Her seeking was over, and it was finally time for Esther to prepare herself to answer the call to missions she had felt for so long. Since she had not yet studied beyond high school, she pursued further education at Bethel Academy (now Bethel University) and then received nursing training at Swedish Hospital.

Farewell, Minnesota

One page of Esther’s handwritten story is missing, where she must have explained why she didn’t go to Africa, the continent she had dreamed about as a child. Perhaps when she finished her nursing training she was needed in China. When it was clear China was her destination, it became the home of her heart. In a letter to the congregation of First Swedish Baptist Church, she wrote,

One more night in this dear home country and then farewell.

Finally brethren and sisters — fare thee well. “Be perfect, be of good comfort, be of one mind, live in peace, and the God of love and peace shall be with you.” II Cor. 13:11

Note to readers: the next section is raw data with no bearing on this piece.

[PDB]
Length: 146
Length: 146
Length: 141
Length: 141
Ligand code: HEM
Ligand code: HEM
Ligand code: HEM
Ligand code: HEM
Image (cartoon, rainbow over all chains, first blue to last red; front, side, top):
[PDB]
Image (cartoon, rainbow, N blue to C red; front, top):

Fare thee well my dear, dear church.
Farewell Minneapolis.
Farewell Minnesota, state of 10,000 lakes.
And farewell USA.

As I leave you waving farewell, I turn and on the other side there is the waving and beckoning of welcome — my chosen people. May God bless you.

As God prepared Esther for China, each step separated her further from her family. She was the only one who became a Baptist, considered a heretical sect by the Swedish Lutheran church of the day. Her siblings completed only four to eight years of school, a common amount of education for many farm families in Sweden and Minnesota. And then each of her siblings married.